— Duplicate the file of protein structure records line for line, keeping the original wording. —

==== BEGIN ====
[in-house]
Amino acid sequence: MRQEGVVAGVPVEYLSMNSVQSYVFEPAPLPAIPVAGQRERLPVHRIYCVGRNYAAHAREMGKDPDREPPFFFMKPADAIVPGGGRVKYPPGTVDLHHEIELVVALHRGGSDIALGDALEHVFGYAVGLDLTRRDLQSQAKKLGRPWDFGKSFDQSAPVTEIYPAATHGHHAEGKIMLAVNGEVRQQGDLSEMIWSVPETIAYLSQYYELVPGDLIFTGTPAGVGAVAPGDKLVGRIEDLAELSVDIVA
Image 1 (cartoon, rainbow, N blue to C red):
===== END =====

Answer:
[in-house]
Amino acid sequence: MRQEGVVAGVPVEYLSMNSVQSYVFEPAPLPAIPVAGQRERLPVHRIYCVGRNYAAHAREMGKDPDREPPFFFMKPADAIVPGGGRVKYPPGTVDLHHEIELVVALHRGGSDIALGDALEHVFGYAVGLDLTRRDLQSQAKKLGRPWDFGKSFDQSAPVTEIYPAATHGHHAEGKIMLAVNGEVRQQGDLSEMIWSVPETIAYLSQYYELVPGDLIFTGTPAGVGAVAPGDKLVGRIEDLAELSVDIVA
Image 1 (cartoon, rainbow, N blue to C red):